"The Revolution will not be Televised, It will be Tweeted”
Yanmaz, Selen. “"The Revolution will not be Televised, It will be Tweeted””. PhD, Boston College, 2017. http://hdl.handle.net/2345/bc-ir:107653.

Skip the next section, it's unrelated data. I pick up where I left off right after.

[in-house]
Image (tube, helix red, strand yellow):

The Gezi Park protests, which started in May 2013 in Istanbul, rapidly turned into a movement for democracy across the country. Through in-depth interviews with protestors in Turkey, observation and content analysis, my research examines the role digital technologies played in the protests. These technologies, especially social networking tools, were used by protestors to construct personalized frameworks and forms of action. I show that this process depended on the individuals’ interpretations of their current political and cultural context, their alternative frameworks of reality. By expressing these frameworks individuals, first and foremost, challenged the politico-cultural adjustment of the society by various powerful actors. Moreover, as individuals got together in protest, alternative frameworks of reality interacted, leading to the emergence of empathy and dialogue among the protestors for long-term movement success. Digital technologies provided the necessary alternative sources for news and other information for the reconstruction of these frameworks. Moreover, they became the primary space for the production and circulation of jokes in various forms, as protestors used humor and creativity as central strategies to voice their dissent. Affective and humorous creations challenged the discipline of the political authority, hacked its presentations of reality and contributed to the formation of a carnivalesque society, where empathy and dialogue were maintained through collective effervescence.